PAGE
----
For me with my 4" telescope  on deep sky I want at least as absolute minimum 1.2 degrees true field of view and at least a magnification of 40x.



#14 MartinPond

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Posted 24 September 2020 - 12:18 PM

Shouldn't the baseline rather be:

 

1. True field of view in his/her telescope

2. Magnification of said eyepiece in his/her telescope

 

For me with my 4" telescope  on deep sky I want at least as absolute minimum 1.2 degrees true field of view and at least a magnification of 40x.

 

I believe the Original Post was about what afov  you find to be 'enough'

   regardless of power.  There didn't seem to be a baseline..

 

I can get a true field of ~6 degrees with my 80x400,  but that isn't possible at much higher powers.

 

Since tfov depends on your scope especially, as per your characteristics...it's a different topic.


Edited by MartinPond, 24 September 2020 - 12:20 PM.

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#15 Jeff B

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Posted 24 September 2020 - 01:10 PM

They seem roomier to me in bino-viewers too.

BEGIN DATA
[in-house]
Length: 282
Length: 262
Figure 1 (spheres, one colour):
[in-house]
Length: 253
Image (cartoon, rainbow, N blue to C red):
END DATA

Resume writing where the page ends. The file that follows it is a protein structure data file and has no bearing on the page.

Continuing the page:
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#16 Sketcher

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Posted 24 September 2020 - 03:10 PM

For most of my purposes, the 52 degree apparent field of view offered by Plossl eyepieces is wide enough.  On the other hand, all the telescopes I regularly use have focal-lengths less than 1000mm (40 inches) -- and that makes a difference.

 

We get users of longer focal-length telescopes (usually also in larger apertures) who express their preferences for wider apparent fields of view without providing the context of their situations. Eyepiece for eyepiece, they have narrower true fields of view than users of shorter focal-length telescopes.  This can make pointing their telescopes more difficult and drift times across their fields of view in non-tracking telescopes shorter unless they "relax" the narrowness of their fields by going with eyepieces that have wider apparent fields of view.  So yes, they end up preferring wider apparent FOV eyepieces -- for good reasons.  These people also tend to use more expensive telescopes (have more disposable income) and can better afford the wider AFOV eyepieces.